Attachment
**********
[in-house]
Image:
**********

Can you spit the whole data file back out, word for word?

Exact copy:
[in-house]
Image: